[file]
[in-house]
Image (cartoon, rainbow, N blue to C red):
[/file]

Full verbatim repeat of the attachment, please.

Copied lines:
[in-house]
Image (cartoon, rainbow, N blue to C red):